edwin caicedo - environment editor@ElTiempoVerde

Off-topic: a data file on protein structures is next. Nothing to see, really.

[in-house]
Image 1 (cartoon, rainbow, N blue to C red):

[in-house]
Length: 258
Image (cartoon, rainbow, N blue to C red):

After 17 years without the development of a wind power project in Colombia, yesterday a new wind farm was inaugurated in the village of Cabo de la Vela, municipality of Uribia, department of La Guajira. The Guajira I wind farm, owned by Isagén, was presented by President Iván Duque and the Minister of Mines and Energy, Diego Mesa, in a bid to generate clean energy from non-conventional renewable sources. The wind farm has 10 wind turbines arranged in an area of 5.5 hectares, which have an installed capacity of 20 megawatts (MW), equivalent to the energy consumption of 33,295 Colombian families. For its development, the project had investments of 75 billion pesos and generated more than 50 jobs that benefited the inhabitants of the Taruasaru, Mushalerrain and Lanshalia communities of the Wayú indigenous people, who live in the area of influence of the park. "Colombia is the Latin American country that is making the renewable revolution. And the greatest demonstration is that these energies were only 0.2 percent of the energy matrix just three years ago and we can say that we will close this year with 16 percent and we will be at 20 percent of Colombia's energy matrix with non-conventional renewables in 2023," said President Duque. The project could be carried out thanks to fiscal and tax incentives and a policy promoted by the National Government aimed at encouraging the development of initiatives that help the country migrate towards a cleaner energy matrix, which includes production from non-conventional renewable sources such as wind and solar energy. The construction of Guajira I was completed in December 2021 and its commercial operation is expected to begin in the first quarter of this year, and in doing so will reduce 136 tons of CO2 (carbon dioxide) emitted into the atmosphere annually. For now, the park will enter the testing and energization stage. "Guajira I is one of the great milestones of the energy transition, as it is the first wind farm to be built in the country in 17 years and the first of 14 farms to be built in the next three years. La Guajira is the epicenter of the energy transition in Colombia, as the department has a world-class wind regime," said the Minister of Mines and Energy, Diego Mesa. Colombia has been increasing in the last 4 years its energy production capacity from non-conventional renewables, since, according to data from Minminas, at the end of 2021 it had an installed renewable energy capacity of 714.01 megawatts (MW), 25 times more than what it had in August 2018. According to projections, by 2050 Colombia should obtain 47 percent of its electrical energy from water sources and 20 percent from wind power plants, these two being the most relevant sources. To achieve this, the department of La Guajira will be essential, as it currently has licenses that would allow it to generate 1,366 megawatts of electricity from these sources. Diversifying the matrix Thanks to the country's large number of water sources, most of the electricity consumed by households comes from hydroelectric plants, which makes it essentially clean energy, as it does not generate greenhouse gas emissions. However, as explained to EL TIEMPO by Dr. Martha Cobo, dean of the Faculty of Engineering of the Universidad de La Sabana, considering climate change and the environmental impacts of hydroelectric plants, the country must diversify its energy matrix. "We do not have the capacity to grow with hydroelectric plants. It is a green energy, it is true; they have no carbon footprint, it is renewable, but it has other environmental problems that we have already seen in the case of Hidroituango. The impact of Hidroituango was so great that these power generators such as EPM are already aware that there will not be a project of this caliber in the country in the future," said the expert.